9. Take breaks from social media and the news: While it is important to stay informed about what is happening in the world, it is also helpful to set aside time to disconnect from the chaos of the outside world.  Perhaps this means setting an alarm for 8:00 p.m. that reminds you to shut off your phone before bed, or giving yourself a specified period of time in the morning to check the news before embarking on your day.

10. Listen to music: Music can allow you to process your emotions in a healthy way, or can be used to keep you calm during times of high anxiety or stress.  For those of us who are not musically inclined enough to play an instrument for ourselves, fortunately, there are many platforms to listen to the music of others.  You might like classical, jazz, pop, R&B, rock, folk, or simply the calming sounds of nature.  Whatever your go-to genre of music is, listen to it more often!  Apps like Spotify even have dedicated playlists for wellness and relaxation!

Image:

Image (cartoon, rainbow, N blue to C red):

Submitted by: Avryl Bender, John Diefenbaker Senior School student
Bluewater District School Board is located on the traditional land of the Saugeen Ojibway Nation, which is represented by the communities of Saugeen First Nation and Chippewas of Nawash Unceded First Nation.